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2 Great Reasons for People in the D.R. of the Congo to Learn English

2 Great Reasons for People in the D.R. of the Congo to Learn English | ITTT | TEFL Blog

Change is something that does not come naturally to us human. It requires us to go through the process of learning. It is especially hard for us to assimilate anything that is not so much used in our environment. I grew up in the French-speaking country that is the Democratic Republic of the Congo. I have gone through the entire process of learning English not as a second, nor a third, but as a fourth one. And that is the case for most Congolese as well. Although it came quite naturally to me. Most of my classmates seemed to have been introduced to another world. It is easy to assimilate a new language when it is widely spoken in the area you live in. However, when it comes to the Congolese population English is a language that may appear impossible to learn. And that for a couple of reasons, from the lack of opportunities to practice the language, to the fear to even try learning the language for there is no need of it.

This post was written by our TEFL certification graduate Josue L. Please note that this blog post might not necessarily represent the beliefs or opinions of ITTT.

1. Lack of English Environment

First, there is the fact that English is barely spoken all over the surface of the country. There are only a few businesses that may use English as their main communicative language. And even in those very rare cases, there is always a French, or Swahili, or other languages speaker to take care of the clients who do not speak English. And for that reason, English seems not too important to the Congolese people. However, for anyone who wishes to learn the English language, whatever their reasons are, they must set for themselves, or find an environment where they could use the language. Sadly, there are very few places in most cities where an English student can practice the language. And for that reason, they owe to use the opportunity to practice as much as possible within their classrooms. I have found the same issue on the other side of the world, in the Philippine islands. I have been blessed to teach English to little kids who mostly spoke Tagalog. Their environment does not offer them the opportunity to practice their English, for in most cases their parents and peers know close to no English. I have noticed that the students who tried their best to use the language in class, where slowly, but surely mastering the language. Their grammar, vocabulary, and even pronunciation was constantly improving.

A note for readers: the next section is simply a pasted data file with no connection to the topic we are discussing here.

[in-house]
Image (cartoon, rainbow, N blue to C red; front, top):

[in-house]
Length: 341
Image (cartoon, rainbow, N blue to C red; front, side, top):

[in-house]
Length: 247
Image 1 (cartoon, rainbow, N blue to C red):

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2. Opportunities

Secondly, There are many reasons why one would like to learn English. It could be for a new job or a promotion, but in most cases, it is to travel. Most Congolese are born in circumstances where they can barely dream of traveling and exploring the world. Their daily focus is to find food to put on the table, so the luxury of travels is something that is, simply put, unaffordable. And when you cannot afford such luxury, it may seem unnecessary to learn the language. That leave most students with no motivation to learn it. As I previously said, English is barely spoken in the D.R. Congo. On the other hand, there are also people who can afford such privileges, but still, there is a lack of motivation to learn the language. I have been in this circumstance, and one thing that helped me find the necessary motivation was the desire to be able to find my own way around the globe. And to do so I knew I had to learn English. But I went to my English classes because I knew why I was there. Most teachers do not seem to care much about the reasons why their students are there. I believe that it is important for a teacher to help his or her students to find their "Why". Teachers can do so by giving them examples or putting them in scenarios where English could be useful to them.

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There are much more problems for my fellow Congolese to learn the language, but I chose those two for they are the ones that could have made me question my desire to learn the language, also because, as I now aspire to become an English teacher, they would be a problem that I would most likely encounter in my students. I may be able to help them out for I have been in there shoes once. Although learning is a long and hard process, the fruits it bears are rewards greater than the pain that comes with learning.

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